A major reason for Jumanji: Welcome to the Jungle’s success is that it’s in many ways a throwback to the kind of big budget moviemaking that was common in family entertainment when the original film came out. It is a simple, standalone movie that strives hard to make its singular story work, as opposed to servicing nostalgia for earlier films or attempting to birth a gargantuan shared universe that might never come to pass. It is, in short, a really well executed high-concept film, as opposed to a labored franchise kickoff.

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The crux of its setup is closer to Big than the original Jumanji, but like both of those films, it solidly unpacks the premise with maximum star wattage. In Welcome to the Jungle, the film forsakes the Hollywood logic that dictates a sequel must repeat what we saw before, often to diminishing results (examine this past summer’s Transformers and Pirates films for more). Instead it tells a new story that younger viewers can jump into without any baggage while keeping the minimum bit of fan service and ‘90s nostalgia that Millennials and Gen-Xers have come to demand in our post-Marvel, The Force Awakens, and Jurassic World era. However, unlike those pictures, or pale imitators such as DOA shared universe movies like The Mummy, there is no real desire by Kasdan and his studio to build a larger universe or even a cliffhanging sequel.

Welcome to the Jungle rather radically returns to the mindset of making the current movie the big event, and worrying about the sequel and endless spinoffs later. While that might sound like a foreign concept to current blockbuster watchers, it allows Welcome to the Jungle to just giddily revel in its basic premise: Dwayne Johnson, Kevin Hart, Jack Black, and Karen Gillan are playing cartoonish video game avatars who are being inhabited by the minds of teenagers. The Rock plays against type as a nervous and introverted nerd; Hart attempts to portray an alpha male athlete; Gillan is a wallflower trapped inside Lara Croft’s scantily clad physique; and Black gets to steal the whole show as a suburban, social media princess now looking like… well, Jack Black.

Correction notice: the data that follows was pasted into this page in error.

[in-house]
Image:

Like its 1980s and ‘90s body swapping forebearers, it makes no bones about its silly conceit and instead milks it with shots of Johnson staring wide-eyed at his biceps or Black biting his lower lip while trying to flirt with one of the Jonas Brothers. The movie commits to its singular story and proves that movie stars still have a certain cache, especially when they’re as well cast and harmonic as Jumanji’s leading quartet.

To be sure, Jumanji: Welcome to the Jungle is no comedy classic, nor is it one of the great films of 2017. But its box office run is one of the great lessons of the year. Audiences still like simple, all-ages entertainment that is not at all determined to repeat beat-for-beat what its predecessors did, much less set-up an endless array of “shared” spinoffs. While that latter approach has proven to be successful for a few select IPs (those often with a pre-existing media empire that fans have invested years of their lives into obsessing over), it has been anathema to moviegoers when shoehorned into nearly every summer movie whose goal is less to tell a complete story than it is to be a good television-styled pilot for films down the road.

As with the biggest success stories of the 2017 box office that didn’t come out of the Mouse House, the movies that really left a mark on ticket buyers in 2017—be it war films or socially conscious horror movies, euphoric musicals or delightful car chase thrillers—tended to stand on their own two feet and give audiences something they don’t see very often in wide releases: originality.